2021-04-22 16:30:00 2021-04-22 17:30:00 America/New_York Mechanics of ductile fracture and segmented chip formation in cutting of metals Mojib Saei, Ph.D. Candidate https://purdue-student.webex.com/purdue-student/j.php?MTID=ma7b5e828815558fe89a51b07fa2070ac
Mechanics of ductile fracture and segmented chip formation in cutting of metals
|Event Date:||April 22, 2021|
|Sponsor:||Drs. Srinivasan Chandrasekar and Kevin P. Trumble|
|Time:||3:30 pm EDT
|School or Program:||Industrial Engineering
The machining of metals is of significant technological importance. Any gains obtained by reducing forces and energy, improved surface quality, and lower system vibrations can have important impacts in the discrete products manufacturing sector. Typically, there are four principal chip types in metal cutting, each corresponding to different flow modes and with characteristic attributes.
In this dissertation, we examine the mechanics of segmented chip formation, one of the principal chip types, with a view to understanding the underlying flow/deformation dynamics, development of the chip morphology and its attributes, microstructural origins of the flow, and how this segmentation can be controlled. This is done using high speed in situ imaging of the deformation, complemented by force and surface topography characterization, using different material systems.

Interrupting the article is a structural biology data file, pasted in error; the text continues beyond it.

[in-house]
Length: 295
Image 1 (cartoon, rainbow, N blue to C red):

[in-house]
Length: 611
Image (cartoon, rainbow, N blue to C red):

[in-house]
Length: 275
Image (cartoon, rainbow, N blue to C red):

It is shown that ductile fracture plays a key role in the segmentation with periodic fracture events being nucleated on the back (free) surface of the chip, and the fractures propagating towards the tool cutting edge. The fracture is nucleated at a critical strain, that is independent of the deformation geometry. Based on an understanding of the deformation conditions prevailing in the fracture zone, we demonstrate control of this segmentation. This includes 1) suppression of the segmentation by application of a second constraining die (constraint) located directly across from the cutting tool, resulting in the chip being formed as a continuous strip of uniform thickness with no fracturing; and 2) inducing segmentation to occur in metals that would normally not segment in metal cutting (e.g., Cu) by utilizing a mechanochemical effect.
The mechanochemical effect is based on application of a chemical medium to the initial workpiece surface remote from the tool-chip interface. We examine application of mechanochemical effect to promote segmentation in annealed copper. Combination of mechanochemical effect and high speed in situ imaging provided an opportunity to study microstructural origins of segmentation in thermally etched copper.
Implications of the results for ductile fracture of metals and for enhancing the performance of the cutting process are discussed. It is presented that control of segmentation flow promotes surface topography and cutting force control.